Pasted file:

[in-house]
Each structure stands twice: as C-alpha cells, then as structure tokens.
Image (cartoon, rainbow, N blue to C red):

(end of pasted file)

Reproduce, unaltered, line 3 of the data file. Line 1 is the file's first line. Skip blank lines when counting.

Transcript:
Image (cartoon, rainbow, N blue to C red):